Google is reportedly conducting a test for a new official store design that will refocus the site on brands instead of product categories. Spotted under what appears to be A/B testing, the redesign delivers a couple of key benefits. But the most noticeable difference will is the new top navigation bar.
Google has summarily replaced all of the categories-based drop-down menus in the navigation pane. Those were previously designated as Phones, Connected Home, Gaming, Laptops & Tablets, Accessories, and Special Offers. The latter two categories remain unchanged. But in place of Phones, for starters, the company now showcases a “Pixel” category, aligning with its own phone branding.
Connected Home has similarly been rebranded as “Nest,” while Gaming now reads “Stadia.” The Laptops & Tablets category has been relabeled “Pixelbook.”
This brands-focused test could lead to further rebranding and reorganization
For now, the Google Store test site showcases at least a few discrepancies in the brands too. Namely, Chromecast devices such as the Chromecast Ultra are found under the Nest drop-down menu. Specifically, those are found in the “Streaming” subcategory under the smart home brand label. Chromecast is its own brand, technically separate from Nest, with the latter company focusing more directly on smart home devices.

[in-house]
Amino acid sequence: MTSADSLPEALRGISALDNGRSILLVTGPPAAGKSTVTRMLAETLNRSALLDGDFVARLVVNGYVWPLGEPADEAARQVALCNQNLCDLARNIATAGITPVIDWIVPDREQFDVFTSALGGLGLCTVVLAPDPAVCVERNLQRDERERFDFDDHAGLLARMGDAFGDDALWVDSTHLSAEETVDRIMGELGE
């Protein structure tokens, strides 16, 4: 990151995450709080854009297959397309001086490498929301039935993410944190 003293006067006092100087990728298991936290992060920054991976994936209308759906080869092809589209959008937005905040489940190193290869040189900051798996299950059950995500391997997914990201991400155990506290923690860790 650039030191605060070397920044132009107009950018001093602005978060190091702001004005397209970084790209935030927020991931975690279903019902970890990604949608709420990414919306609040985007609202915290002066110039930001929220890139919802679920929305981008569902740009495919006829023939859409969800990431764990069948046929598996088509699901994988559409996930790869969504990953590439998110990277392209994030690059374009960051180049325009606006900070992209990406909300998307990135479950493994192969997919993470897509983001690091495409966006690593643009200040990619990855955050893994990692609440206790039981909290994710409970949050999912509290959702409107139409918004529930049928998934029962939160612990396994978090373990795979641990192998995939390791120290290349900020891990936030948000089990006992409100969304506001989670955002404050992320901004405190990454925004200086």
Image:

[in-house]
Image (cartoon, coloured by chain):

That could imply further planned changes to branding for Chromecast too. It seems unlikely that the currently Google-branded gadgets will be dubbed “Nest” devices in the future. But Google has gone that route before, most recently with its Home-branded smart speakers and displays. That’s a change that started back in early 2019. So it wouldn’t be surprising to see Google eventually change branding here for consistency.
That may be the purpose behind the test as well, as Google continues to consolidate its various branches. The search giant hasn’t necessarily been known for keeping its offerings coherently nested under any given brand. Its launch of no fewer than five consumer chat apps over the past several years is a prime example of that. But the company has made efforts to bring a more coherent structure to its brands too.
Aside from that possibility, Google’s change also shortens the amount of top bar space taken up by navigation. That creates some separation between the search, help, cart, and Google account icons and the main product navigation. The use of white space is better and the site looks cleaner as a result.
When and if this change arrives at all
As hinted above, Google doesn’t always stick to these types of changes in the long-term. And this does appear to be under A/B testing. That means the test is limited in terms of the number of users who are seeing the new UI. In this case, the test also seems to be limited to specific platforms. For example, the changes also haven’t been applied to the mobile version of the site at all.
The implication of that is that the new UI is still under early testing. It may never arrive at all for every user.